If you know Loene Trubkin and suffer a bit yourself, you will cry when you read her poem - for her, for yourself, for every one who has felt -- but been unable to express so precisely -- these awful feelings.
Loene has comforted and inspired many with her courage and -- heretofore -- calm, quiet dignity. For all those who respect her, depend on her, and love her -- as I do -- this poem is a happy shock. Her deepest feelings are here so openly exposed and so like our own.
For those who don't know Loene, it is important to say that her poem is a good cry, a rant, an emphatic piece of pure rage in the face of the utter unfairness of all that comes with decades of incurable disease. Still, today, and every day, I know that she will wake up and look for as much happiness as she can find in it. In the hardest of times, she will always say, "Just hang on. Better days are coming." And, happily, better days are here for her now - in a nice remission with six months before her next PET scan.
Sarcoma, blastoma, carcinoma
Tumors erupt, multiply, metastasize,
Replicating through trunk and branch.
Infiltrating from head to toe:
Brainstem, bloodstream, lymph node,
Bone and kidney, breast and bladder.
Cells proliferate, uncontrolled,
Binding together, running riot.
Invisible, until a billion cells unite.
Then unstoppable, deadly,
Co-opting blood supplies,
Penetrating body parts,
A perfect storm.
Toxic remedies feel worse than the malady.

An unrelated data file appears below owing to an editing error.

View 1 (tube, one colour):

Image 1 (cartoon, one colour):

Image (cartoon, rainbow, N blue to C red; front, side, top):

A sinking feeling when doctors counsel
Chemo, radiation, radio-frequency ablation,
Brachytherapy, brain surgery,
Each a shocking exposure
To poison, photon or scalpel.
Side effects propagate:
Nausea ratchets up to retching;
Fatigue, not cured by sleep;
Mouth sores, weakness,
Neuropathy, weight loss,
Always something unexpected,
Arbitrary and capricious, like
Transfusions unplanned or
Even a positive perspective
Strains to balance the stress.
So much suffering.
Pain and fear and dying.
Doubt and indecision tailgate
Fortitude and valor.
Rage concedes regret.
No simple solutions.
Cancer not one disease but 200.
Maybe even 15 million,
Because each genome is unique
Specific as a finger print.
Oncologists seek new toxins that
Decimate disease while rescuing patients,
Novel recipes that work, always work,
Not just another experiment
On patients already sick to death.
If not a vaccine that prevents cancer,
Then the next Gleevec, Herceptin, Rituxan,
A concoction that might be tweaked
To each individual finger print.
A contemporary targeted therapy
That gives more than hope, it cures,
Or at least makes truth of the label,
Until then . . . cancer still sucks.